The 2024 Walter Scott Prize for Historical Fiction Longlist is announced, alongside timely news of a change of management to The Abbotsford Trust.

The twelve novels in contention for the £25,000 prize are:

The New Life by Tom Crewe

A Better Place by Stephen Daisley

Hungry Ghosts by Kevin Jared Hosein

Cuddy by Benjamin Myers 

For Thy Great Pain Have Mercy On My Little Pain by Victoria MacKenzie

My Father’s House by Joseph O’Connor

Mister Timeless Blyth by Alan Spence

In the Upper Country by Kai Thomas

Absolutely and Forever by Rose Tremain

Music in the Dark by Sally Magnusson

The House of Doors by Tan Twan Eng

The Fraud by Zadie Smith

The 2024 judging panel comprised Katie Grant, James Holloway, Elizabeth Laird, James Naughtie, Kirsty Wark and Saira Shah. Longlisted authors this year encompass a range of nationalities including Australian, British, Canadian, Irish, Malaysian and Trinidadian.

The Chair of Judges, Katie Grant, said:

“This year’s longlist sweeps us from one end of the world to the other, and from the Dark Ages to the twentieth century – almost a millennium-and-a-half. Along the way we hear tales of fifteenth- century Norwich and of the Highland Clearances of the 1800s; of the secret railroad through the Americas during the mid-nineteenth century and of forbidden love in London at the turn of the twentieth; from tropical Jamaica to Japan and Korea in the late 1800s, and to sultry Penang as the twentieth century dawns; onwards to Trinidad, to Rome, to Crete and to New Zealand during the Second World War years; and to London and Paris in the swinging 1960s when anything seems possible.

‘From the epic to the intimate, from the philosophical to the swashbuckling, from the traditional to the experimental, in each book emotions run deep. If you read the whole list, just like the panel of judges, you’ll never be short of conversation.”

This year also sees the Prize moving to what might be considered its natural spiritual home, Abbotsford.  From February 2024 the Prize will be managed by The Abbotsford Trust, the independent charity responsible for Sir Walter Scott’s extraordinary Borders home.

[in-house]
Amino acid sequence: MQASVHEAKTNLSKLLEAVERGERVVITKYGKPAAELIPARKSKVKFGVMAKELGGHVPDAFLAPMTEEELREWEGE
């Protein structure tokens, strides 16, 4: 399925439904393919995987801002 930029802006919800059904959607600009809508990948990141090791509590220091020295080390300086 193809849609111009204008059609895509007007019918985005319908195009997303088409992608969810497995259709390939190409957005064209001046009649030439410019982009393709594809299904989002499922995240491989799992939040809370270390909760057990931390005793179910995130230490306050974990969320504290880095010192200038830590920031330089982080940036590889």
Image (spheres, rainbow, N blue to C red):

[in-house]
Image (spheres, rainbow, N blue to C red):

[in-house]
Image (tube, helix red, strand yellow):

The Duke of Buccleuch, founder of the Walter Scott Prize and Patron of The Abbotsford Trust said:

"For some time it was the dream of my late wife and myself that the Walter Scott Prize should take root in the great writer’s own home and creation at Abbotsford.  Now that the Prize, 15 years on, is firmly established in the literary calendar I am utterly delighted that this is being realised and am deeply grateful to the Abbotsford Trustees for taking over the baton and to Hawthornden Foundation for making it possible.”

The Chief Executive of The Abbotsford Trust, Giles Ingram, said:

“Walter Scott, founding father of the historical novel, understood that our present is shaped by the tales we tell of our past. By setting characters in a historical context, he humanised the past and helped us reflect on what once divided society. Individually and collectively, we need this wisdom and perspective no less today, possibly more so. Which is why we are delighted to be welcoming the Walter Scott Prize home to Abbotsford. I like to think that Walter would be cock-a-hoop, and with this year’s longlist announced from his home, we have such ample proof that the genre is alive and thriving."

A shortlist will be announced in May, and the winner announcement and prizegiving event will take place as before at the Borders Book Festival in Melrose, in June.